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Authors: The Folk of the Faraway Tree

Enid Blyton

Faraway Tree 3

 

The Folk of the Faraway Tree

Enid Blyton.

 

I

Curious Connie Comes to Stay

 

One day Mother
came to the three children, as
they worked out in the garden, and spoke to them.

"
Jo
! Bessie! Fa
nny! Listen to me for a minute.
I

ve just had a let
ter from an old friend of mine,
and I am wondering
what to do about it. I

ll read
it to you."

Mother read the letter:

“DEAR OLD FRIEND,

"Please will
you do something for me? I have
not been well for
some time, and the doctor says
I must go away
on a long holiday. But, as you
know, I have a li
ttle girl, Connie, and I cannot
leave her by herself. S
o would you please let her
stay with you until I come back? I will, of course,
pay you well. Y
our three children are good and
well-behaved, a
nd I feel that their friendship
will be very nic
e for my little Connie, who is,
I am afraid, rather spoilt: Do let me know soon.

"Your old friend,

“LIZZIE HAYNES."

The three chi
ldren listened in silence. Then
Bessie spoke.

"Oh Mother! We

ve seen Connie once, and
she w
as awfully stuck-up and spoilt—and awfully
curious too, sti
cking her nose into everything!
Have we
got
to have her?"

"No, of course not," said Mother. "But I could
do with some extra money, you know—and I do
think that Connie might soon settle down and
stop being spoilt if she lived with us. It would
be good for her!"

"And I suppose we ought to help people if we
can," said
Jo
. "All right, Mother

we

ll have
Connie, shall we, and just teach her not to be
spoilt!"

"We shall be able to show her the Enchanted
Wood and the Faraway Tree
!" said Fanny.

"Yes—we used to have Cousin Dick, but now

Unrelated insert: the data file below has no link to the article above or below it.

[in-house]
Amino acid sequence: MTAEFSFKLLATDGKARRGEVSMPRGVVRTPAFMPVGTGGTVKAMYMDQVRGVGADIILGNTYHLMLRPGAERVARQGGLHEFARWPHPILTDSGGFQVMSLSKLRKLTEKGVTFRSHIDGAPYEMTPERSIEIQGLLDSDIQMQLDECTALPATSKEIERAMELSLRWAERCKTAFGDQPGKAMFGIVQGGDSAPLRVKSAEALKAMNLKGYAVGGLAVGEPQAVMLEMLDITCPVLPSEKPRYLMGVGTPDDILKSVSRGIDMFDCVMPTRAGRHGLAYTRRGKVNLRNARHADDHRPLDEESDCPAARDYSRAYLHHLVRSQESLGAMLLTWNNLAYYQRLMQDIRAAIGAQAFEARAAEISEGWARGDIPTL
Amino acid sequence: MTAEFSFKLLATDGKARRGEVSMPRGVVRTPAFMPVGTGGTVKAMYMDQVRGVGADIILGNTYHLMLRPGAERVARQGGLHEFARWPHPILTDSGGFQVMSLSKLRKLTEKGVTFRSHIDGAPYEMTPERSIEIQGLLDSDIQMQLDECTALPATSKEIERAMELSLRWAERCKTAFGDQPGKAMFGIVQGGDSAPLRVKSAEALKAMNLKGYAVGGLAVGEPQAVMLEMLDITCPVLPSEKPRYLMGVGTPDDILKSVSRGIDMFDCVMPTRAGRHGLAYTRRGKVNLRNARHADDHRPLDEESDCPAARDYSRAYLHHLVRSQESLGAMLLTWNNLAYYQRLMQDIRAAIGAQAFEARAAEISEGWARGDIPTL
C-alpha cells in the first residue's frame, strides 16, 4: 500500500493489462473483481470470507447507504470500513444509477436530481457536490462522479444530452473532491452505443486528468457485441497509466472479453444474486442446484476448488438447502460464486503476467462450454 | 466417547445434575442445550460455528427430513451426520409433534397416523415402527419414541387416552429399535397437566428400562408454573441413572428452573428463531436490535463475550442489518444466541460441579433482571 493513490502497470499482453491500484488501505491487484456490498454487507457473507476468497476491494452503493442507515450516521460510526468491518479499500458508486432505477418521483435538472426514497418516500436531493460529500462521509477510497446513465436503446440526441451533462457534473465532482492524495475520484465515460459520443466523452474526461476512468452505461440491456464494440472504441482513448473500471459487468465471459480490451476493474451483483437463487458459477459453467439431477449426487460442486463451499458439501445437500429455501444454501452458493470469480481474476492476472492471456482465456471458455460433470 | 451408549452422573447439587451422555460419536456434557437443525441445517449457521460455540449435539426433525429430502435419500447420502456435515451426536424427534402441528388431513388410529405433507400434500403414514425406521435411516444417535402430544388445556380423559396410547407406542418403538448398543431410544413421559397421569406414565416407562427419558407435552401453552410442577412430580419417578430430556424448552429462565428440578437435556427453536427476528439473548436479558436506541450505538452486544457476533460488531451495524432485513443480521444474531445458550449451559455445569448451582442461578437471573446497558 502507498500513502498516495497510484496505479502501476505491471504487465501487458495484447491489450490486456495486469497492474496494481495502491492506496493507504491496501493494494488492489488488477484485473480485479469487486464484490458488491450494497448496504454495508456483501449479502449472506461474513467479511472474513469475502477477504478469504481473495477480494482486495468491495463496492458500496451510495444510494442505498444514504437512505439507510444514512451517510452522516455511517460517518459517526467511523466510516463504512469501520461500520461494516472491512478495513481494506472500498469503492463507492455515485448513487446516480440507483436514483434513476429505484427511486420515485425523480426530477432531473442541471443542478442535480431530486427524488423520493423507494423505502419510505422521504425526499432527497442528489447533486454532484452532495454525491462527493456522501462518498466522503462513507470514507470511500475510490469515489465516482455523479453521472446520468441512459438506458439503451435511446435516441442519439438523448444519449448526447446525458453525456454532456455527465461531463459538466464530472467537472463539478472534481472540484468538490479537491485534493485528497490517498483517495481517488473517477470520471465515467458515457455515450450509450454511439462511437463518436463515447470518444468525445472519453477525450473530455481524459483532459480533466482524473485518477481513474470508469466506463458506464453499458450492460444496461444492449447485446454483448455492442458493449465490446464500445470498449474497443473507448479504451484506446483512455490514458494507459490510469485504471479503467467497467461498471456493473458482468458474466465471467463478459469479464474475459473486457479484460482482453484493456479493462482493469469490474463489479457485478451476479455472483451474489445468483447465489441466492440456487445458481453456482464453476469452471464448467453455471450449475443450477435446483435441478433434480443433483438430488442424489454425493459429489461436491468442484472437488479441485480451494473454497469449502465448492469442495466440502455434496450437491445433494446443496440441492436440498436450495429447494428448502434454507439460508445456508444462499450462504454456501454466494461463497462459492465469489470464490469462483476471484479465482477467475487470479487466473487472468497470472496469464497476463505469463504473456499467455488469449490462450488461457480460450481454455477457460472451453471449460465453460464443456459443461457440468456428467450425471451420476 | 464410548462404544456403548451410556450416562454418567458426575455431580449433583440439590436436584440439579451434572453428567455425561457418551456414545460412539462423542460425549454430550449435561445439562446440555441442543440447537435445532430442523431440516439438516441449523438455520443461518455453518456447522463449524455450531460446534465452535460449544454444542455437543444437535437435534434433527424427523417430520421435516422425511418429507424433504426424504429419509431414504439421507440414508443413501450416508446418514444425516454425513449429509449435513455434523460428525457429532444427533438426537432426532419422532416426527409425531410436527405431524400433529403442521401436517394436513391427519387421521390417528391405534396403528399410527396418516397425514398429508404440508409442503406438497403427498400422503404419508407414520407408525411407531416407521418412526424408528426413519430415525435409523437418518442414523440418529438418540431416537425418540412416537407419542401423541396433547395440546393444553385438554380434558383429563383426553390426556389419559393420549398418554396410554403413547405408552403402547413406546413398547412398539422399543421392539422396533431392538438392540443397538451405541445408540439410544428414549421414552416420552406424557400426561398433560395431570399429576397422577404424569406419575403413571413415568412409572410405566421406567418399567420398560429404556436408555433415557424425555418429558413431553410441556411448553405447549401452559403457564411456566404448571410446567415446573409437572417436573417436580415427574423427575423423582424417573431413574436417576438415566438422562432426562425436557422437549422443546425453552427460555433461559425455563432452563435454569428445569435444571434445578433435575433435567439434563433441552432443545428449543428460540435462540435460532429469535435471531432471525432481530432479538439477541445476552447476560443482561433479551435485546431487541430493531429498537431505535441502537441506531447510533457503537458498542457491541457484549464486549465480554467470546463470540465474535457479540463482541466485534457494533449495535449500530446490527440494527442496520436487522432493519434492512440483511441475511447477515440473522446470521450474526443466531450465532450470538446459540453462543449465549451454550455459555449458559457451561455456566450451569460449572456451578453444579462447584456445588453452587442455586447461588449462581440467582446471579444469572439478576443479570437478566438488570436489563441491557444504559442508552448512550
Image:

he

s gone back home," said Bessie. "We

ll have
Connie instead! If you put
a little bed into the
corner of my room and Fanny

s, Mother, we can
have her in there."

Mother smi
led at them and went indoors to
write to her old friend, to say y
es, she would
have Connie.

The children looked at one another.
"We

ll soon tick Connie off if she starts any of
her high-and-
mighty ways here," said Bessie.

"And we

l
l stop her poking her nose into
everything too!
" said Fanny. "I say—what about
taking her up t
he Faraway Tree and letting her
peep in at the A
ngry Pixie? He

ll soon tick her
off!"

The other
s giggled. They could see that
they
would have a bit of fun with Connie. She was
always so curio
us and inquisitive about every
thing and everyone. Well—s
he would get a few
shocks in the Enchanted Wood!

"It will be fun showing somebody else the
Faraway Tree, and all the people there," said
Jo
. "I wonder what Curious Connie will think of
the Saucepan Man, and Silky and Moon-Face!”

"And I wonder what they will think of
her
!"
said Bessie. "What a lovely name for her,
Jo

Curious Connie! I shall always think of her like
that now
!
"

Curious Connie was to come the next week.
Bessie helped Mother put a
little bed into the
corner of the girls

bedroom. Connie wasn

t very
big. She was as old as, Fanny, but she had been
very fussy over her food, and so she hadn

t grown